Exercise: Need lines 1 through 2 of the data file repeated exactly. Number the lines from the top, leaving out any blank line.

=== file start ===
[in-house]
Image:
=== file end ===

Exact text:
[in-house]
Image: